Metropolitan News-Enterprise


Wednesday, February 3, 2021


Page 1


No Ruling Made on ADDA’s Bid to Block Gascón’s Policies

Judge Chalfant Takes Under Submission Application for Preliminary Injunction


By a MetNews Staff Writer



Superior Court Judge


Arguments yesterday afternoon stretched late in the day at a hearing on the Association of Deputy District Attorney’s application for a preliminary injunction to bar enforcement of certain directives by District Attorney George Gascón, with Los Angeles Superior Court Judge James Chalfant taking the matter under submission.

The jurist said he will try to come up with a ruling by the end of the week, but said he could not promise to do so.

The ADDA’s principal contention is the new district attorney, who was sworn in on Dec. 7, may not lawfully order—as he did in one of nine “special directives” issued on his first day in office—that no priors be pled, for purpose of the Three Strikes Law.

Two Penal Code sections—1170.12 and 667—require that “[t]he prosecuting attorney shall plead and prove each prior serious and/or violent felony conviction,” reserving to the court the prerogative of vacating the allegations “in the furtherance of justice” or where “there is insufficient evidence to prove” it.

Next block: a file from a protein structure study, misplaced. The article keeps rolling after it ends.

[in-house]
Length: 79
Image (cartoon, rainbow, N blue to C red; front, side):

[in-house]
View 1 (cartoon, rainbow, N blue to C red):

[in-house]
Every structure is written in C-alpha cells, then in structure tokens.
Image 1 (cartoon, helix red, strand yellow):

However, the district attorney’s lawyer, Robert E. Dugdale of the firm of Kendall Brill & Kelly LLP, insisted that prosecutorial discretion entails authority to determine what is pled.

 Yesterday’s argument centered largely on the distinction between the exercise of decision on an individual case by case basis and blanket directives, such as Gascón issued. He has proclaimed that in all cases where strikes and other sentence enhancements were alleged while his predecessor, Jackie Lacey, was district attorney, deputies are to ask the court to nullify them.

Dugdale repeatedly mentioned that 2 million persons (2,002,865) had voted for Gascón, thus vesting in him their authorization to take the stances he has. Chalfant reminded him that a greater number had voted to enact Three Strikes.

Arguing for the ADDA was Eric M. George of Browne George Ross O’Brien Annaguey & Ellis LLP.


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